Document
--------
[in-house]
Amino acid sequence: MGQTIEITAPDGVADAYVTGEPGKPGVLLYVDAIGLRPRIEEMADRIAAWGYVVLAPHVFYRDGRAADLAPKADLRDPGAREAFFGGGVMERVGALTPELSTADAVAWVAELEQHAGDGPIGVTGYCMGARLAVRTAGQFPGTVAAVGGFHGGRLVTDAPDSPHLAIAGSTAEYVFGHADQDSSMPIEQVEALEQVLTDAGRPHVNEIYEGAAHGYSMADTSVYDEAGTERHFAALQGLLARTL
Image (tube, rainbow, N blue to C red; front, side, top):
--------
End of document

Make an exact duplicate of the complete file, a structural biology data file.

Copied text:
[in-house]
Amino acid sequence: MGQTIEITAPDGVADAYVTGEPGKPGVLLYVDAIGLRPRIEEMADRIAAWGYVVLAPHVFYRDGRAADLAPKADLRDPGAREAFFGGGVMERVGALTPELSTADAVAWVAELEQHAGDGPIGVTGYCMGARLAVRTAGQFPGTVAAVGGFHGGRLVTDAPDSPHLAIAGSTAEYVFGHADQDSSMPIEQVEALEQVLTDAGRPHVNEIYEGAAHGYSMADTSVYDEAGTERHFAALQGLLARTL
Image (tube, rainbow, N blue to C red; front, side, top):